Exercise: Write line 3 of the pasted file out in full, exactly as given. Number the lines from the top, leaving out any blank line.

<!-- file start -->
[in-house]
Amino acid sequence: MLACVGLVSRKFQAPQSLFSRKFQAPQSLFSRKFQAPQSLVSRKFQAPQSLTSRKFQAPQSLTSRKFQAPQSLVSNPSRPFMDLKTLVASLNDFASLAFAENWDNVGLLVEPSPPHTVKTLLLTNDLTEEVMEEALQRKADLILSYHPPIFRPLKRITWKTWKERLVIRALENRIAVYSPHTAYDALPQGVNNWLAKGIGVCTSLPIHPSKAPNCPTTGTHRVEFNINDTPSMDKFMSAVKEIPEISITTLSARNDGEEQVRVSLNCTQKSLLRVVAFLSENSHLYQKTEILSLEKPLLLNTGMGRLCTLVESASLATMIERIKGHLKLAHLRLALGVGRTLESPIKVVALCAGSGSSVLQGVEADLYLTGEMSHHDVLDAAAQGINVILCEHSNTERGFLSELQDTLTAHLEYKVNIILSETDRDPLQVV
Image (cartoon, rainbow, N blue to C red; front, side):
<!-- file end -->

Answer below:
Image (cartoon, rainbow, N blue to C red; front, side):